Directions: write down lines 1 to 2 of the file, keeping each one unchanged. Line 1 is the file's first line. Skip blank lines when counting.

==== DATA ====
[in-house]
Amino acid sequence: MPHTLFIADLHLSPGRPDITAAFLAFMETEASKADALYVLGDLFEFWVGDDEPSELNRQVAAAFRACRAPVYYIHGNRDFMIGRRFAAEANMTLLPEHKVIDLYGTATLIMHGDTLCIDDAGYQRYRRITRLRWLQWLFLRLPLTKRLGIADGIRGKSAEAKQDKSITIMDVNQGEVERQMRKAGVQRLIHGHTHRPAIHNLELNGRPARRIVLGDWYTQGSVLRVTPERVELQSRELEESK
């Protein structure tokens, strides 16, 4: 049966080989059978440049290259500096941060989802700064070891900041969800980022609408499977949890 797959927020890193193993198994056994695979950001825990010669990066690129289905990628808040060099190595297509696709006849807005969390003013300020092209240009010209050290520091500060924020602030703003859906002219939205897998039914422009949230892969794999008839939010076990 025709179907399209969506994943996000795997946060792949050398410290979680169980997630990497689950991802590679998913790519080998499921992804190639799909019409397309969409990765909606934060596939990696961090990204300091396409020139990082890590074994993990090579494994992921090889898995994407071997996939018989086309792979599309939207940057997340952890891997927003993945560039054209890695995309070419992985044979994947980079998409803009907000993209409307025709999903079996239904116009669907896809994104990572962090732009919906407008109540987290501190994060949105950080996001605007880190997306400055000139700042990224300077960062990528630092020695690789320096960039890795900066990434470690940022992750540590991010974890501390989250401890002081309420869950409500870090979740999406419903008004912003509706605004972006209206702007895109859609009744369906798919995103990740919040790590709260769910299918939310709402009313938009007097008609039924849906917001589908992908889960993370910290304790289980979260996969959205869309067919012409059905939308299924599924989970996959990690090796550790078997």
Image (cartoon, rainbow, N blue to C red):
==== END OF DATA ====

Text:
[in-house]
Amino acid sequence: MPHTLFIADLHLSPGRPDITAAFLAFMETEASKADALYVLGDLFEFWVGDDEPSELNRQVAAAFRACRAPVYYIHGNRDFMIGRRFAAEANMTLLPEHKVIDLYGTATLIMHGDTLCIDDAGYQRYRRITRLRWLQWLFLRLPLTKRLGIADGIRGKSAEAKQDKSITIMDVNQGEVERQMRKAGVQRLIHGHTHRPAIHNLELNGRPARRIVLGDWYTQGSVLRVTPERVELQSRELEESK